“More times than not, when I get angry, it’s a mistake. As you get older, you learn from your mistakes. More times than not, when I lose my cool, it winds up hurting us so I try my best not to do it. If I start to get frustrated or start to feel that blood boil a little bit, then I have to take a deep breath and realize, ‘Hey, I have to keep my cool because these guys are relying on me to be relaxed and confident in pressure situations.’ It’s hard to do sometimes.” – Clemson University Head Baseball Coach, Monte Lee (via http://www.tigernet.com/story/baseball/Tantrum-throwing-helmet-slamming-bat-breaking-Monte-Lee-14870)
There are successful coaches of all different personalities and coaching styles, and this article should not be confused as an attempt to say that there is a one-size-fits-all way to coach. But are there traits shared by successful coaches? We think so, and the one that sticks out like a sore thumb is temperament. If you want to be a successful coach at any level, you need to develop a winning temperament.
Merriam-Webster defines temperament as “the usual attitude, mood, or behavior of a person.” So what is a “winning” temperament? The most important feature of a “winning” temperament is consistency in your behavior as a coach, regardless of the game situation at hand. If you want your players to handle a high pressure game or situation as if it were any other routine game or situation, then you must act that way. Players can sense panic and drastic behavior change from coaches, and often mirror these changes in their own behavior. If you are on a roller coaster, you can expect your players to be on the same ride, and that rarely turns out well in the pressure filled moments.
Consider some of the praise we hear showered on championship teams or winning organizations:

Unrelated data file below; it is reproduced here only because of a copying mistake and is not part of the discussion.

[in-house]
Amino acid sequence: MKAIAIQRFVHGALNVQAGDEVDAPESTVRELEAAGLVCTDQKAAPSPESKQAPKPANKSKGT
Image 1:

Calm under pressure
The game is coming easy
Playing to win
Wanting the ball in the big spot
Wanting to have the big at-bat
Get better on the big stage
And the list goes on…
Now consider the managers in last 2 World Series. Dave Roberts, AJ Hinch, and Alex Cora all have different personalities. Roberts is more outwardly enthusiastic, Hinch a bit more stoic, and Cora falls in the middle, but all 3 displayed remarkable consistency during the biggest moments of their career. They never wavered from their approach or temperament and this consistency allowed the players to be themselves and do what they do. In this post-game interview, Hinch describes how in the big moments of a see-saw 2017 World Series, he never stopped doing what got them there. A big reason why the players are described as having “the game come easy” or “playing loose” in the big moment is because of the winning temperament displayed by the team leaders. The consistent and predictable behavior, regardless of the situation, is mirrored by the players and allows them to relax and trust their training.
We love the above quote by Clemson Head Coach, Monte Lee, because it not only speaks to the players reliance on the coach for consistent demeanor and temperament, but also how difficult it is to achieve a winning temperament. Achieving a winning temperament takes maturity and practice, but every coach can work on being more consistent in their behavior on a daily basis. By being more aware of your behavior and working to develop a winning temperament, your players will benefit tremendously. The following 6 characteristics of a winning temperament can serve as a good checklist and remind you to be consistent during the ups and downs of an inning, game, and season.
6 Characteristics of a Winning Temperament
- It’s difficult to tell the situation (score, stress level, etc.) of the game by looking at the coach
- The coach does not let his emotions interfere with making rational decisions during game play
- The coach allows his players to enjoy the big moments by focusing on the process and not the results
- The coach helps to simplify complex situations and is able to clearly articulate instructions to his players
- The coach remains positive and encourages his players to enjoy the big moments
- The coach is able to turn the page and move on after good and bad outcomes or games